2022 NFL Draft Scouting Report: James Cook

  • James Cook, 5-11/190

  • Running Back

  • Georgia

  • James Cook Scouting Report
    By Charlie Campbell

  • Fast
  • Acceleration
  • Quick first-step to hit the hole
  • Second gear in the open field
  • Threat to rip off a long touchdown on any carry
  • Instinctive runner
  • Good vision
  • Anticipation
  • Knee bend
  • Runs behind his pads
  • Elusive; has moves in the open field
  • Cutting ability
  • Quick feet
  • Receiving skills
  • Dangerous route-runner
  • Mismatch receiver
  • Soft hands
  • Catches with his hands
  • Third-down weapon
  • Decisive runner

  • Weaknesses:
  • Small
  • Lacks balance
  • Not a tough runner between the tackles
  • Will struggle to create lots of yards after contact in the NFL
  • Won’t be an asset in goal-line or short-yardage situations
  • Will need development in blitz protection
  • Frame could be maxed out
  • Can he hold up and avoid injury in the NFL?

  • Summary: At most schools, James Cook would have been the starting running back, but at Georgia, he was part of the Bulldogs rotation. Cook logged fewer than 50 carries in each of his freshman-junior seasons, with averages of 6.7, 6.1 and 6.9 yards per carry. He also totaled seven touchdowns over that time. As a senior in 2021, Cook took on a bigger role as the primary backup to Zamir White. On the year, Cook averaged 6.4 yards per carry on 113 carries for 728 yards and seven touchdowns. He also notched 27 receptions for 284 yards and four touchdowns.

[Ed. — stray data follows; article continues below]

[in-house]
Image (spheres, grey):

As a runner, Cook is a speed back who is real threat to rip off a big gain anytime he touches the ball. He has a first-step burst and accelerates through the hole with a second gear to explode downfield for long gains. With his explosion, it looks like Cook gets a head start over everybody else on the field. Cook is not just fast in the open field, but he has moves to dodge tacklers and tremendous change-of-direction skills. The fast back Cook is a threat to tackle any carry to the end zone.

    Cook lacks the size and strength to be a three-down starter. For the NFL, he will have to be a backup change-of-pace back. Cook’s lack of size means he won’t rack up a lot of yards after contact, and he does not have the balance, toughness, or size to get a lot of carries between the tackles. If Cook were bigger, he could be an impactful three-down starter like his older brother Dalvin Cook.

    On top of being an explosive runner, James Cook can be a weapon as a receiver. He has soft hands and is a natural at catching the ball. He is elusive in the open field and can rip off yards in chunks. Cook is too fast and shifty for linebackers or safeties to cover in man, so he provides an excellent mismatch and will be a third-down receiving problem in the NFL. Like all college backs, Cook will need some tutoring in pass protection for the pros.

    Cook looks like a potential second-day pick in the 2022 NFL Draft. He could work his way into being a dangerous contributor.

    Player Comparison: Nyheim Hines. From the skill-set perspective, Hines (5-9, 196) and Cook are very similar. Both are fast, explosive weapons who can rip off chunk gains on any touch. N.C. State used Hines more as a receiver than the Bulldogs did with Cook, but Cook flashed receiving ability. If Cook pans out in the NFL, I think he could be a back similar to Hines.


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